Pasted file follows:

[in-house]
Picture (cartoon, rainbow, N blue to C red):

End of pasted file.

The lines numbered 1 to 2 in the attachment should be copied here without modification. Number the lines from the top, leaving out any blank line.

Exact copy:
[in-house]
Picture (cartoon, rainbow, N blue to C red):